Another example is the “Yellowstone” franchise (shows set in the world of “Yellowstone” or marketed as coming from the same creator). Among the respondents who had ever watched “Yellowstone,” almost three-fourths (70%) said they also watched at least one of Sheridan’s other shows (“1883,” “1923,” “Tulsa King” or “Mayor of Kingstown”). Perhaps most notably, viewers had to put in some effort to watch these: “Yellowstone” is on the Paramount cable network and on Peacock, while the other shows are only available on Paramount+.

“Viewers have not lacked in choice of services and content over the past few years. But this can be a two-edged sword for content providers, as the immense volume just makes it hard for viewers to remember what is different about each service,” David Tice, senior consultant to Hub and co-author of the study, said in a statement. “But at the end of the day, content is king, and unique content will drive viewers even if the service itself isn’t unique to consumers.”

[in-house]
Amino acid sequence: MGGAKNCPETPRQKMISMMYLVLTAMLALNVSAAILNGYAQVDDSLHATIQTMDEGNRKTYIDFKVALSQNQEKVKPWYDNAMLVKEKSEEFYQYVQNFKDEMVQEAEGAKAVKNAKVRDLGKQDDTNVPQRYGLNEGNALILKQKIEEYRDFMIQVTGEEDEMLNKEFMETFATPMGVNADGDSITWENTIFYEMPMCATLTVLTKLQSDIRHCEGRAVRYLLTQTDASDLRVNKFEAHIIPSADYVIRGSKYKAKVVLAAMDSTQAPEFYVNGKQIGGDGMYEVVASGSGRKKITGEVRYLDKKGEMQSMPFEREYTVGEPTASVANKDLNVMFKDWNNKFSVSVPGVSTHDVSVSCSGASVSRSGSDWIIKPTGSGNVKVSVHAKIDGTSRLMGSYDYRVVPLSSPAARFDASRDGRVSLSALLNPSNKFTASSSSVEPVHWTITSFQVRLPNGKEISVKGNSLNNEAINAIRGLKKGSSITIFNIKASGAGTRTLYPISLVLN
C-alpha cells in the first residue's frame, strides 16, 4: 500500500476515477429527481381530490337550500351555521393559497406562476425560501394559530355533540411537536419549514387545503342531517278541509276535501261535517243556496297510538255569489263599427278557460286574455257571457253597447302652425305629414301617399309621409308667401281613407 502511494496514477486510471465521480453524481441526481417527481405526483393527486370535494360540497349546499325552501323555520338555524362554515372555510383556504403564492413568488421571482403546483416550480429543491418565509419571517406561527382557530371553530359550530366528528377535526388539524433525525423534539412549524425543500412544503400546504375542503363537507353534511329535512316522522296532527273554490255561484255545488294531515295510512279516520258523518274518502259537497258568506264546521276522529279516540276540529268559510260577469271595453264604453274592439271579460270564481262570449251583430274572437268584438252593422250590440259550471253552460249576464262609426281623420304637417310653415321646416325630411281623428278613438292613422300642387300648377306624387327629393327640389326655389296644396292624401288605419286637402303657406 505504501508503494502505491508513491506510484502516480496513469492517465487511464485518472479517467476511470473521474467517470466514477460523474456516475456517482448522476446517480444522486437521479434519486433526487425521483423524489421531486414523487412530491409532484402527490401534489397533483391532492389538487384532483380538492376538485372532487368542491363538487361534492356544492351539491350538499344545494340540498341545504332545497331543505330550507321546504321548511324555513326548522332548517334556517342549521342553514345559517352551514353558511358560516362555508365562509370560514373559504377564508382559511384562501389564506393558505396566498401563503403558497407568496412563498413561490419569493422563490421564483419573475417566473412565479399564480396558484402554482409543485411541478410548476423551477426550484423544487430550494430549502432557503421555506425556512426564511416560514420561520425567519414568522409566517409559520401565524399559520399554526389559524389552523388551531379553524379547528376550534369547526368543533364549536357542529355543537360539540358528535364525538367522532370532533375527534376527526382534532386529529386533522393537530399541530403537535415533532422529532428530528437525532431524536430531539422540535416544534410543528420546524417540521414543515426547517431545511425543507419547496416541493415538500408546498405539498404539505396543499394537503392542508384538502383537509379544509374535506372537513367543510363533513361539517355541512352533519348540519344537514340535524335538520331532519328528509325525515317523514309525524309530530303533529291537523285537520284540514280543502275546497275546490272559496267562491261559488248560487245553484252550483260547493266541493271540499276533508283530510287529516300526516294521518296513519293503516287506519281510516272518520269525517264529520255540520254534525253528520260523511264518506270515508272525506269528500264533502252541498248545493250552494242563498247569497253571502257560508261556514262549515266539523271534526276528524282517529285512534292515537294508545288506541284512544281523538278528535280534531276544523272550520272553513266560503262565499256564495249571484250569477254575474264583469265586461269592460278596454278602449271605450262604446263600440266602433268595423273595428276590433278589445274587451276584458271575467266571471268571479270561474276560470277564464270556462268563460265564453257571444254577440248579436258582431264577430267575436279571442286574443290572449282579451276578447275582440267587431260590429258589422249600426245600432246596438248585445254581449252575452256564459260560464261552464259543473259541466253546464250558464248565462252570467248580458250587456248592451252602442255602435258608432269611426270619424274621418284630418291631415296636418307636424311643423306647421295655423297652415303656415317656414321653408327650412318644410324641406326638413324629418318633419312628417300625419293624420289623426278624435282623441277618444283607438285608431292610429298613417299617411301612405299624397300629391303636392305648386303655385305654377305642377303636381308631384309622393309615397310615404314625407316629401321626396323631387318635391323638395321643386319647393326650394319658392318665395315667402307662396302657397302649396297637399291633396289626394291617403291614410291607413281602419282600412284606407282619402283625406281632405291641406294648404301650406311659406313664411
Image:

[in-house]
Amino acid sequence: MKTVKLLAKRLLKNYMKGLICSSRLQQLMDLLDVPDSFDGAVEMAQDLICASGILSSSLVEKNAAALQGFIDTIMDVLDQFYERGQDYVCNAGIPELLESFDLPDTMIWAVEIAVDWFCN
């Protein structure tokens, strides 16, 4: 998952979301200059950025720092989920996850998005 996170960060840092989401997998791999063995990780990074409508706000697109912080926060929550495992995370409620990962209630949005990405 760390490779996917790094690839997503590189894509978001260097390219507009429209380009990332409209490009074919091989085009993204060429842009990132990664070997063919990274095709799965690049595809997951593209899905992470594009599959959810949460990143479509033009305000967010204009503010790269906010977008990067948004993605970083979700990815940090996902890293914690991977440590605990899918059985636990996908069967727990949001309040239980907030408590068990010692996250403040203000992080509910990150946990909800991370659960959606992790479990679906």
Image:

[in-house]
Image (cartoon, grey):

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The findings are from Hub’s 2023 “Evolution of Video Branding” report, based on a survey conducted among 2,400 U.S. consumers with broadband, age 16-74, who watch at least one hour of TV per week. Interviews were conducted in February 2023 and explored attitudes towards brands associated with traditional TV service as well as those providing streaming TV service. A free excerpt of the findings is available on Hub’s website.

Report: COVID-19 Changing Consumer Interest in Video Ads, News Programming

With social distancing, economic shutdown and consumer habits turned on their ear during the coronavirus pandemic, new research from eMarketer finds people are increasingly seeking out news on the virus for updates and intel on the near future.